- I didn’t consider others. At this stage of my life, there were times that it would occur to me that if I ate that next brownie there might not be enough for everyone else in the family to get another one, but there were so many times when I decided I just didn’t care. I was a caring, loving, generous person, but when it came to food, I was stingy and protective to make sure I got enough of what I wanted (and remember, there was never enough!).
You’ll notice that none of those things show me overtly choosing food above God. I wasn’t going to church to worship my tacos or bowing down before my chocolate bars.
It’s much sneakier than that, which is why we can go so long without realizing that it’s a problem on a deeper level than just changing a habit.
So, How Do I Find Freedom?
1. Recognize the problem.
You can’t do a darn thing to fix it until you know what it is that needs fixing. Did my examples above resonate with you? Are there other ways that you think food is calling the shots in your life? Take a good look at those areas and recognize your need for a Savior.
The goal isn’t to get temptation to disappear altogether. You don’t stop wanting food. You just want something else MORE.
Want to honor God with your food choices.
Recognize that when you’re making poor decisions with food, it negatively affects your relationships, your energy, your confidence, and so much more.
2. Take it to God.
I have a 3-step process that I often use when I’m taking a problem to God, based off of Philippians 4:6.
- First, I ask God for help, both practically and emotionally. Here, I might ask Him for help in recognizing temptation when it comes up with food, discernment in figuring out what foods I should and shouldn’t be eating and in deciding on portion sizes, and help in uncovering other things I can turn to instead of food in those moments of temptation.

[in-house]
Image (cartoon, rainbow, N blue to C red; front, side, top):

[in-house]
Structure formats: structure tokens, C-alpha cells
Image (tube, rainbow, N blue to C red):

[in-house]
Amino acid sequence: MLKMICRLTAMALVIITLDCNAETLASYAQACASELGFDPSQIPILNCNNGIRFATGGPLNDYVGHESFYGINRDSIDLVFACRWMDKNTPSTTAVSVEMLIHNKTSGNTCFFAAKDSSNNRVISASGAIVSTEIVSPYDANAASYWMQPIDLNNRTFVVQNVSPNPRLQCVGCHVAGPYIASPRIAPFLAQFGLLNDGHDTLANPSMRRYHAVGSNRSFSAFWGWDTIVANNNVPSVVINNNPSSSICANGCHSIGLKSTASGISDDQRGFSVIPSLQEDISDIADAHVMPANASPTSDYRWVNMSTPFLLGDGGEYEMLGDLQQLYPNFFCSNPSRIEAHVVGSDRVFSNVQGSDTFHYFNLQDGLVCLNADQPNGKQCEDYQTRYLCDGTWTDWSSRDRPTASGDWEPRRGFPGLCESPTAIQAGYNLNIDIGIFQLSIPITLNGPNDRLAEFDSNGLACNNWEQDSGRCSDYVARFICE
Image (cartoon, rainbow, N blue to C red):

- Second, I thank Him for things regarding that situation. With food, I might thank Him for providing enough for me and for giving me foods like fruits and vegetables that will nourish my body. Thank Him for his Word that assures you that you are an overcomer and that you can tackle these hard areas with His strength.
- Third, I surrender the things I don’t have control over to Him. We’ve already talked about how this goes deeper than food alone. Willpower is a start, but it’s not enough to tackle a problem that runs heart-deep. This is the powerful work of accepting grace. So, take your fears, your doubts, and your worries and leave them at the foot of the cross, intentionally trusting that He is able to do this, even if you don’t feel strong enough.
3. Do the hard work.